The Grinch got big for us with no physical consequences. But how do we prevent aneurysms from rupturing in real life?

They say that the Grinch’s heart grew three sizes in one day. In the land of fantasy, this makes him a happier person and a friendlier neighbor to the Whos. In real life, rapid cardiovascular expansion is a silent but deadly disease.
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An aortic aneurysm can produce approximately the same effect as the Grinch’s exaggerated transformation. In due time, the walls of a blood vessel can bulge outward and balloon to twice or nearly three times the initial size. This inexorable growth can occur over the course of years, slowly weakening aortic walls until the aneurysm eventually ruptures. A rupture event is rarely predictable and usually fatal.

The problem is that we don’t have a great understanding of why aneurysms develop or grow. In the Grinch, the rapid onset of cardiac dilatation occurred because he was touched by the Whos’ unconditional love and empathy for one another.  For humans, the transition to aneurysmal disease is neither so predictable nor straightforward. Most aneurysms are found incidentally in patients undergoing medical imaging for an entirely unrelated issue.

This lack of understanding makes it hard for physicians to monitor or treat aneurysm progression. Grinch’s thrice bigger heart is a one-time deal, but doctors need to regularly track the size of an aneurysm by imaging its location every 1 to 5 years depending on how fasts it grew previously and whether the patient has any associated diseases. Over this ‘wait and see’ period, an aneurysm can burst open fatally.

Without knowing why or how aneurysms develop, tracking the size of an aneurysm over time is the only way to estimate whether it’s close to the typical failure size observed in prior patients. If the average size or rate threshold is breached, physicians will intervene surgically, as the risk of operating on the patient is now outweighed by the risk of aneurysm rupture.

Surgical repair of an aneurysm involves reinforcing the dilated location with a graft. This remains the gold standard of treatment.  Our lack of understanding as to why aneurysms grow, makes pharmacological treatment a hit or miss solution for the individual patient; often, lifestyle management (such as quitting smoking or changing diet) will be more effective than medication.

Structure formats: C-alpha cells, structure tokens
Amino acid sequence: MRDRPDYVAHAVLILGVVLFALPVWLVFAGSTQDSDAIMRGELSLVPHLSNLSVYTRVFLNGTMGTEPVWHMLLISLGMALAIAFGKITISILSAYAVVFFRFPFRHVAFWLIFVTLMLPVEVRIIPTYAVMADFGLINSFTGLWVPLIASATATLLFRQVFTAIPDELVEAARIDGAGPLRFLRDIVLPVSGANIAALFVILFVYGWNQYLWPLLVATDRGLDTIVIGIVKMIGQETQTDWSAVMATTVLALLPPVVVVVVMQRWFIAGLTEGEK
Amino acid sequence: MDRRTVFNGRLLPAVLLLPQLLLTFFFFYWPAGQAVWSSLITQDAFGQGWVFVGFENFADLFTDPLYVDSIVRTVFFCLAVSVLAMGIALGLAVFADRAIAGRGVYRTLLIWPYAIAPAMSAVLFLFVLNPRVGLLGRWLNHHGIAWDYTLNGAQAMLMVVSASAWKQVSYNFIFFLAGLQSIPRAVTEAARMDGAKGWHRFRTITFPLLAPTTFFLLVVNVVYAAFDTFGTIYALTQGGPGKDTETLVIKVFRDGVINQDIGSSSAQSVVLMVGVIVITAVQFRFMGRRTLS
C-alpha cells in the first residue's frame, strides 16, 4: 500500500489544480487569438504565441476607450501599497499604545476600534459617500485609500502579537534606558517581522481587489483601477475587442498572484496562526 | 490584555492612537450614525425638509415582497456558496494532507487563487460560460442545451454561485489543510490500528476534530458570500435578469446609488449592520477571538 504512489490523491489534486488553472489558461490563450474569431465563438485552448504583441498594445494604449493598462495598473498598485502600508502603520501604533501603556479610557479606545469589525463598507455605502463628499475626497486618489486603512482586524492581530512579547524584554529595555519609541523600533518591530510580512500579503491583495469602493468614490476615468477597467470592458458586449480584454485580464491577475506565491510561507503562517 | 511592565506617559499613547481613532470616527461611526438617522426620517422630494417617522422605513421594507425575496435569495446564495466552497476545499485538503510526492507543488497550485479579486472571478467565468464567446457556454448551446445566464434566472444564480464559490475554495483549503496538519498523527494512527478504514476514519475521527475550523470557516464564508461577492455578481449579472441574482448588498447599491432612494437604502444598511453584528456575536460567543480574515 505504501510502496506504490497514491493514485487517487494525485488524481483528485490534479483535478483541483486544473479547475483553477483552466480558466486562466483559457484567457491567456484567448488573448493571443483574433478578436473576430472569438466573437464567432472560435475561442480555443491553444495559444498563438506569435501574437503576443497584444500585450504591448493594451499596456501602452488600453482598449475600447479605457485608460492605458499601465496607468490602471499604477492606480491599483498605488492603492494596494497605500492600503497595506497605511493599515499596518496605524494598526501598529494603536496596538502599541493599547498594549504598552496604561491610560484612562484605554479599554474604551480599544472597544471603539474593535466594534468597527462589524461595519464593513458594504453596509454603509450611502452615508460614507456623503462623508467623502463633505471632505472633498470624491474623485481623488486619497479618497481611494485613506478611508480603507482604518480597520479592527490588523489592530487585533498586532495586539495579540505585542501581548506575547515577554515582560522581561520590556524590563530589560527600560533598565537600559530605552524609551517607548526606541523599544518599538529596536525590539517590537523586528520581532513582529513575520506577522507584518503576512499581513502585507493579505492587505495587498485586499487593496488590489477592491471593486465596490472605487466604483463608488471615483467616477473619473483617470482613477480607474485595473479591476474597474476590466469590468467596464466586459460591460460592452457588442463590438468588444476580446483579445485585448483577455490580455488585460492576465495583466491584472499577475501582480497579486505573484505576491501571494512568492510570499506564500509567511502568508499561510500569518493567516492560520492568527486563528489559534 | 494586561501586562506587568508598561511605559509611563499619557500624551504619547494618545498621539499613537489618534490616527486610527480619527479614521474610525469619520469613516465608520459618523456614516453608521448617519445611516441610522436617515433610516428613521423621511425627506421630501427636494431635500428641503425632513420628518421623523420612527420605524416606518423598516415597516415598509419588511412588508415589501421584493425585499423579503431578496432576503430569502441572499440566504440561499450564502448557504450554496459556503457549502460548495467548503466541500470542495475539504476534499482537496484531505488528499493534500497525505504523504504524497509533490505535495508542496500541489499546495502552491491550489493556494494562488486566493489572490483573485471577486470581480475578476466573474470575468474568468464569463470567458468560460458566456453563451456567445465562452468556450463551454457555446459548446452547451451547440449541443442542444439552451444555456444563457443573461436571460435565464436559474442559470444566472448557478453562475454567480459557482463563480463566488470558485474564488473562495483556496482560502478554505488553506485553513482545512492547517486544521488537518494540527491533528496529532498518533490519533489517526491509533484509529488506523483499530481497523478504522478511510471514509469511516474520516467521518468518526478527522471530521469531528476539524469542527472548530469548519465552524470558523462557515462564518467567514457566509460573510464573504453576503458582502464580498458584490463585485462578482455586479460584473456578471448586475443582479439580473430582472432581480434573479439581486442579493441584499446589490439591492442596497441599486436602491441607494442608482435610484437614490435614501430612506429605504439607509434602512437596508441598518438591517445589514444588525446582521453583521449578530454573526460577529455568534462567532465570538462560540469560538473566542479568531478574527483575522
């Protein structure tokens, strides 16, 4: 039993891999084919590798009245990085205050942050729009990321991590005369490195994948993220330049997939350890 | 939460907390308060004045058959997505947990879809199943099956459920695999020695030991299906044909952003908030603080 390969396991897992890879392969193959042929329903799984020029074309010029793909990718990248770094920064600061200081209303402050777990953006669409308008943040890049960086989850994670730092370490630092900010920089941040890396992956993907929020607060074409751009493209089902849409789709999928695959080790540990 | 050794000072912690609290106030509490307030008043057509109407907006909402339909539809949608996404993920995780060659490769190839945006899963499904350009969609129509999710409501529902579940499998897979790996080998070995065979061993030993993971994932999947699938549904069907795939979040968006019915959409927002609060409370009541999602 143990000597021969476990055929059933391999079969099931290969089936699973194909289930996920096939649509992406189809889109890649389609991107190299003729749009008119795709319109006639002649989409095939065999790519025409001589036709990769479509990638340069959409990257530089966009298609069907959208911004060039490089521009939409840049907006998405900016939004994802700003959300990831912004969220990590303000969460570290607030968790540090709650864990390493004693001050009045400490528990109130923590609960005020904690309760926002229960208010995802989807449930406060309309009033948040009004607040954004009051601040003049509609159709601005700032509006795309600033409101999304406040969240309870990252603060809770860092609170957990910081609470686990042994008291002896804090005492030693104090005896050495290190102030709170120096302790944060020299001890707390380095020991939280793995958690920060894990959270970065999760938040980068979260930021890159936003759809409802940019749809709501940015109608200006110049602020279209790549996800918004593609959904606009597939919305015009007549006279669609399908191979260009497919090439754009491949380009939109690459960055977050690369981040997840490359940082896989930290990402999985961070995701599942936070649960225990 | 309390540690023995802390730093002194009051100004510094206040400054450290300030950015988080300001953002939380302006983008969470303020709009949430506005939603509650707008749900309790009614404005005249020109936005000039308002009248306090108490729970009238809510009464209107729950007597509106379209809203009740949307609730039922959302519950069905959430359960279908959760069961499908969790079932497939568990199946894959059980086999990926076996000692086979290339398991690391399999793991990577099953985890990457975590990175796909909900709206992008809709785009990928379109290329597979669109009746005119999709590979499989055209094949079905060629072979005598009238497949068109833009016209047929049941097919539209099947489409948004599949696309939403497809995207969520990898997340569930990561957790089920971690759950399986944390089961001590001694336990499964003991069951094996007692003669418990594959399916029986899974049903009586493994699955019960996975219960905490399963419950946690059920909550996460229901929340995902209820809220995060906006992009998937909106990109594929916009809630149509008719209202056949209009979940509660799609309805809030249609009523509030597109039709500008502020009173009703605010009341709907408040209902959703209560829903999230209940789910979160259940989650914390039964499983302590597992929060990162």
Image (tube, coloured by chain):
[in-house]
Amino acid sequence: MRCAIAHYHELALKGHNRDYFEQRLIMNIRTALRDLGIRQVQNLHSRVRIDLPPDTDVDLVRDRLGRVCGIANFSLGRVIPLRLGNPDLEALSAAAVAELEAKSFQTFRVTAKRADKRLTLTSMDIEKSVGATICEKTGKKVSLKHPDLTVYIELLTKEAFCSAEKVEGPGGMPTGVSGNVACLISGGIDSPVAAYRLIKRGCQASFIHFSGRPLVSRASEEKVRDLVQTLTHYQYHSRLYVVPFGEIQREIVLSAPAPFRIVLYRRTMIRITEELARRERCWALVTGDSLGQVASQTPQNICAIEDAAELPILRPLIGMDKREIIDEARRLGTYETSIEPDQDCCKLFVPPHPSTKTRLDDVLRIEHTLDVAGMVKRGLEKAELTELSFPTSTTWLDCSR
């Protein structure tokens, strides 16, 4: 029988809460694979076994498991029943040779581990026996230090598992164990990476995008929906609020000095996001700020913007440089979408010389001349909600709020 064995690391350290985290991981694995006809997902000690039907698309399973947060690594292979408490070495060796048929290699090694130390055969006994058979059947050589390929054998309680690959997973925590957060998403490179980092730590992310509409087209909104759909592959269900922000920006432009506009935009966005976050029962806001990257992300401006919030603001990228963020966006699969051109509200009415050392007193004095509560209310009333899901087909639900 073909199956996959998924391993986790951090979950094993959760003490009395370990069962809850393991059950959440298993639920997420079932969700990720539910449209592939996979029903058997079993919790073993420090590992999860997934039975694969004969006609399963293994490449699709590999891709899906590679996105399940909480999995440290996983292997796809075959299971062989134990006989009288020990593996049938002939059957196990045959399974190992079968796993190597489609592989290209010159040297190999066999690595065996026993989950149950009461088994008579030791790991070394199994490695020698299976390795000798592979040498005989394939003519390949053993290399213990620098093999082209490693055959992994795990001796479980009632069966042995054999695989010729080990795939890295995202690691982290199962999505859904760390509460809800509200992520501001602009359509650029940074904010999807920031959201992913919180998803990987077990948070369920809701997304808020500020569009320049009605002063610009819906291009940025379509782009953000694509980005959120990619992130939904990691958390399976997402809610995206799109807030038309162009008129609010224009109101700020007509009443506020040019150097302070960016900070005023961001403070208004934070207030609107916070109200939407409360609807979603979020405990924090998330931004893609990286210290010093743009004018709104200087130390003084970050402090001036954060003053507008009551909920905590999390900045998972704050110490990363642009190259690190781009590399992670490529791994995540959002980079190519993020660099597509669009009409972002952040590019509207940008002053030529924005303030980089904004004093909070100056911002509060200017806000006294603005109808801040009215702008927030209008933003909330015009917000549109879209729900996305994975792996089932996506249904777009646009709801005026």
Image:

Thankfully, Dr. Seuss’s story teaches all of us to persist in the face of adversity. The Grinch might’ve stolen Christmas, but the triumphant spirit of the Whoville residents convinced him to give it all back. Empathy and endurance embiggened the Grinch’s heart. It inspired us to prevent the same from happening to people at risk of developing aneurysms.

In a sense, the start our story is perhaps as silly as a fairytale. We set out four years ago to write a good exam problem for a college class. Challenge the students a little bit. But the more we stared as this problem, the more we realized there was something more here than met the eye.

At face value, we were analyzing when flow becomes unstable in an elastic tube. That is, when does smooth, stable flow transition to a regime where the interaction between the encompassed liquid and the containing vessel becomes susceptible to perturbations?

To appease intuition, consider a ball trapped inside a valley vs one situated at the top of a hill. If you push the ball slightly in any direction, the valley-ball just returns back to its original spot. But if you push the hill ball just slightly in any down-hill direction, it rolls away and doesn’t come back, unless someone goes to retrieve it.

Similarly, we wanted to answer the question, what flow condition permits a tiny push from random noise in the system to create time varying shape fluctuations in the tube, akin to the flutter of a banner in the wind? At what point is this ball (the liquid-tube system) nestled in a “valley” vs “perched on a hill”?